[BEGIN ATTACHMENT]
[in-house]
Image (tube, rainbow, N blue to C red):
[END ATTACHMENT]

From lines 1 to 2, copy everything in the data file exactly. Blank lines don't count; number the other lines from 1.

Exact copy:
[in-house]
Image (tube, rainbow, N blue to C red):